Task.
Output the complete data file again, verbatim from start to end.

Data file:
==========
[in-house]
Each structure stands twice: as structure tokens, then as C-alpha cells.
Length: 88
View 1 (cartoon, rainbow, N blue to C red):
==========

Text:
[in-house]
Each structure stands twice: as structure tokens, then as C-alpha cells.
Length: 88
View 1 (cartoon, rainbow, N blue to C red):